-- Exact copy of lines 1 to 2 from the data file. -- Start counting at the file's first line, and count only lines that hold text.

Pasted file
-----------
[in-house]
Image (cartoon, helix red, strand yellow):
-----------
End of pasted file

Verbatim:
[in-house]
Image (cartoon, helix red, strand yellow):